UCF has not recorded a sack in two games played this season, but I wouldn’t count out the Knights front seven by any means. The Knights are still 69th in tackles for loss (12), and lead the FBS in rushing yards allowed per game (22). I know two games may not be an adequate sample size to gauge this defense’s potential, but (A) they mostly shutdown Boise State after trailing 21-0, and (B) it is a substantial improvement from last year’s 93rd ranked defense in that category.
Even without a sack to their credit, UCF’s front seven does a good job at harassing ball carriers and shedding blocks. They got a huge boost in the offseason with second-team All-SEC defensive lineman Big Kat Bryant transferring in from Auburn, along with WKU’s Ricky Barber. Kalia Davis was a preseason All-American Athletic Conference Third-Team selection by Athlon Sports and has lived up to the hype so far, with eight tackles and three for loss.
The linebackers are overall well coached and aggressive in pursuit of ball carriers. Tatum Bethune and Bryson Armstrong stood out to me on film with how quickly they stuffed plays at the line of scrimmage, along with the defensive line.
The UCF secondary has some decent options in the back end, with Quadric Bullard leading the team in tackles (16). They’ve allowed just 60% of completions through two games and managed to get an interception in each game this season.
Players to Watch: DL Big Kat Bryant (2020 second-team All-SEC at Auburn; 1.5 TFL, three QB pressures); LB Tatum Bethune (eight tackles, INT); DL Kalia Davis (three TFL)
Keys to the Game
Will Louisville move towards passing the ball more?
This might be putting blind faith in the coaching staff to adjust its tendencies offensively, but Louisville winning this game likely means that they have their best day passing the ball. Boise State’s early 21-0 lead was largely due to Hank Bachmeier’s ability to hit quick throws and attack the UCF secondary. But, that lead was largely erased when UCF’s front seven began to shutdown the running game and pressured Bachmeier constantly.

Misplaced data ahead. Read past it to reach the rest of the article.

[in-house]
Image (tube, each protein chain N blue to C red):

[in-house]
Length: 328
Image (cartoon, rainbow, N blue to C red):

Louisville’s run blocking has not been good so far after two games, and with how great UCF’s run defense has been, it could mean Louisville is forced into a lot of second-and-long, third-and-long scenarios (or intermediate scenarios, as well). They did show some quick passing against EKU, as they scored on a tunnel screen to Justin Marshall, and would have scored on a 95-yard touchdown pass to Ahmari Huggins-Bruce via quick slant, if not for him dropping the ball just before crossing the goal line. Those types of plays are what Louisville can do instead in these second-and-long, third-and-long spots to gain easy yardage and make themselves more dynamic offensively.
Throwing the ball more could also open things up for its running game, especially with letting Malik Cunningham begin to take QB draws or designed runs off shotgun and catch the defense off guard. But more importantly, it would help Louisville with its poor third down efficiency (34.5%, 94th in the FBS).
Can Louisville’s defense force Gabriel into making mistakes?
Louisville’s front seven is going to have a tough assignment with trying to force Dillon Gabriel into any sort of mistake, so it might come down to the secondary making the plays. Gabriel can hit a lot of tough throws in small windows, so the secondary will have to avoid allowing their receivers to run free downfield.
The front seven will have to keep Gabriel from scrambling and take away the running lanes. That will at least keep Gabriel in the pocket and keep him contained, but the secondary will have to cover well enough for the pass rush to get home and force him to either throw it away or into traffic. One important thing to note: in losses last year, Gabriel completed just 56.7% of his passes.